The National Palace flanks one side of the Zócalo, also known as Plaza de la Constitucion, where an immense Mexican flag flies. It bears the image of an eagle eating a snake. This was a vision, according to legend, had by the Aztec God, Huitzilopochtli. His people were to build a kingdom where they witnessed this scene. The flagpole marks that spot. Tenochtitlan, now Mexico City, was founded here. Adjacent to the palace is Metropolitan Cathedral, built between 1573 and 1813, tilted and sinking like much of central Mexico City due to it being built on lakes.
White smoke wafts across the area to the side of the Cathedral where indigenous people perform dances and cleansing ceremonies to the sound of drumming. Enjoy this fascinating sight on your way to Templo Mayor, the remains of Tenochtitlan’s main temple. Discovered in 1978, excavations continue on this site which was partially destroyed by the Spanish and built upon. Walkways allow visitors to wander amidst the 14th Century ruins of stone walls, past the main staircase still guarded by stone snakes and view statues and walls still bearing the colours they were once painted, albeit faded. The museum houses many of the artefacts discovered at the site while including information on the flora, fauna, agriculture and rituals of Aztec times.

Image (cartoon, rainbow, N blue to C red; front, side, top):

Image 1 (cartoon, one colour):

Running off Zocalo Square, pedestrianised Avenida Francisco I. Madero leads to the Latin American Tower (Torre Latinoamericana). Tickets allow two visits, so return for night views. From the viewing platform on the 44th-floor, pedestrians resemble a grey, fast-moving river, and pink city taxis look like colourful lollies amongst other traffic. Palacio de Bellas Artes’ Tiffany bronze-coloured glass globe roof is stunning, green Alameda Park refreshing. A small museum reporting Mexico City’s history can also be visited.
Check out Palacio de Bellas Artes’ exterior where sculptured angels and Aztec warriors peering from jaguar’s heads and snakes feature. La Ciudadela, a craft market is about a ten-minute walk from Alameda. Colourful crisscrossing aisles are packed with clothing, blankets, leather bags, silver jewellery, tableware, glass, puppets, masks, guitars, brightly-painted skulls…